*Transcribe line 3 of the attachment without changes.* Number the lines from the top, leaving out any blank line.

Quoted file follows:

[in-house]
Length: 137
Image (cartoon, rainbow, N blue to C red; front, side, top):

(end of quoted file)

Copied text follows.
Image (cartoon, rainbow, N blue to C red; front, side, top):